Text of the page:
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Agony as I left our Madeleine to return home

HOMEPAGE NEWS REPORTS INDEX TRUTH OF THE LIE MADELEINE THE BOOK PROMOTION NEWS MAY 2011
Original Source: SUN: 10 MAY 2011
By ANTONELLA LAZZERI and OLIVER HARVEY

 

Nightmare ... Kate and Gerry McCann

AFTER a nightmare four months in Portugal, searching for Madeleine and then being made suspects by cops, the time came for Kate and Gerry McCann to return home.

In this extract, edited and abridged by ANTONELLA LAZZERI and OLIVER HARVEY, Kate tells how she and Gerry coped in the familiar surroundings but without the daughter they adored.



WE were going home without Madeleine. I was leaving her behind.

I'm her mother. And I'm leaving her behind.

My heart ached as it was torn away from my last geographical link with my little girl.

So how were we feeling? Full of a confusing mixture of relief, disbelief, oppressive sadness, piercing guilt and pain. The sadness, guilt and pain were dominant.

When we touched down in the Midlands, I couldn't hold back the tears any longer, even though I could see how they were worrying Amelie. We were home at last; home without Madeleine.

Soon we would be walking into our house, the house we'd only ever lived in with Madeleine. My chest hurt, my throat felt swollen and my head began to spin.

Gerry put his arm round me. I glanced up to see the strain on his face and his red, watery eyes. He was being so strong but I knew he was dying inside. Slowly and solemnly, we came down the steps from the aeroplane.

Gerry with a sleeping Sean resting against his chest and me with Amelie, tired but awake, on my hip. What did the future hold for our family now?

A Special Branch officer drove us to Rothley, Leicestershire. As we got closer and closer to our village, memories of so many happy times began to fill my mind, interrupted constantly by chilling reminders of the hard reality of our existence now.

We lifted our sleeping babies out of the car, took a few deep breaths and headed towards the front door.

My Uncle Brian, Auntie Janet and our friend Amanda were already there, waiting to let us in and welcome us home. I cuddled them all, needing to be held tightly, and then I cried and cried and cried.

A short while later, I went upstairs and opened the door to Madeleine's bedroom.

I needed to do this. I needed to feel her close. I didn't go in, I just let my eyes wander round the shocking pink walls and up to the stars on her ceiling, over her teddies and dolls, and then to her bed and her pillow.

I could almost see her there, lying on her side in a foetal position, her little head resting gently on the pillow with her fine, blonde hair spread out artlessly behind. "Lie with me, Mummy."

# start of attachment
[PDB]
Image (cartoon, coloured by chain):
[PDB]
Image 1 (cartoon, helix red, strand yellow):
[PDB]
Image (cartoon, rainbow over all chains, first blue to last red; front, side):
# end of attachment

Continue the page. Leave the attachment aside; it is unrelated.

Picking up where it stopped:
Back home ... but agony went on for Kate and Gerry stepping from the plane with their twins

Being back in our house wasn't as bad, or even as sad, as I'd feared. In fact it was quite comforting. Perhaps just having our own familiar bits and pieces around us relieved some of the stress. Perhaps it was the knowledge that Sean and Amelie were happy to be where they belonged.

Or perhaps it was that the whole house was full of reminders of Madeleine.

Maybe it was a combination of all these consolations. When we climbed into bed shortly before midnight, life felt momentarily tolerable. And we still had our hope. This wasn't over yet. We woke up that Monday morning with a daunting task ahead of us.

Declared arguidos, labelled as suspects in the press and consequently considered by many to be guilty of something, we needed to clear our names, comprehensively and quickly, before we could continue the search for Madeleine on any effective level.

While suspicions remained among the authorities and the public that we had somehow been involved in our daughter's disappearance, fewer people were going to be looking for her. One of the first things we did was to ring our GP. We wanted to make contact with the social services to pre-empt any interest they might be obliged to take in us.

In the light of the headlines and our arguido status, we realised there would be pressure on the authorities to assess the welfare of the twins.

It all seemed so crazy and unfair, but we had to confront it head on. Our doctor came round that Monday morning and we talked things through with him. Wild stories were appearing in the papers about my "fragile" mental state, my "inability to cope" with my "hyperactive" children, eating disorders and sedatives.

All complete bull***t, yet not once had our GP been contacted for any information about us.

The police had not sought access to our medical notes and nobody had ever asked him if we were well and healthy, what kind of people we were, whether he'd ever had any concerns about us or our parenting skills.

Memories ... the image of a happy playful Madeleine brought comfort